SC to decide on Aruna Shanbaug mercy killing plea today | delhi | Hindustan Times
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SC to decide on Aruna Shanbaug mercy killing plea today

The Supreme Court would today deliver its much-awaited verdict on the legality of mercy-killing in the Aruna Shanbaug case. HT reports. 60-year-old Shanbaug has been lying in a vegetative state at Mumbai's KEM hospital for the last 37 years. Case history

delhi Updated: Mar 07, 2011 10:46 IST
HT Correspondent

The Supreme Court would on Monday deliver its much-awaited verdict on the legality of mercy-killing in the Aruna Shanbaug case.

A bench of Justice Markandey Katju and Justice Gyan Sudha Misra will pronounce the judgment on a plea filed by a Mumbai-based social activist, Pinki Virani, seeking permission to stop force-feeding 60-year-old Shanbaug, a former nurse, who has been lying in a vegetative state at KEM hospital for the last 37 years.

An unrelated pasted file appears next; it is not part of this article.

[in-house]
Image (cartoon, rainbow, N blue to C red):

Shanbaug was raped by the hospital’s sweeper in November 1973. The rapist had tried to strangle her with a dog chain following which she suffered brain damage.

The court had reserved its verdict on March 2 after holding a day-long hearing wherein the government opposed euthanasia for Shanbaug. http://www.hindustantimes.com/Images/HTEditImages/Images/07_03_11-metro-8b.jpg

Attorney general GE Vahanvati challenged Virani’s locus standi and argued against euthanasia saying Indian society was “backward” and “emotional”.

He gave examples of foreign countries where a legislation supporting euthanasia could never be brought into force and said euthanasia could be misused to settle property disputes.

Senior counsel TR Andhyarjuna assisted the court as amicus curiae (friend of court).

Though he supported “passive euthanasia” and found nothing amiss in stopping feeding Shanbaug, he contended the final decision to terminate life should rest upon the medical body responsible for treating the person concerned.

In Shanbaug’s case there was no medical opinion suggesting to end her life.

KEM hospital’s counsel Pallav Sisodia made an emotional plea and told the court that its management was willing to look after Shanbaug.

“There hasn’t been a bedsore in the past 37 years. The nursing staff is attatched to her,” he had said.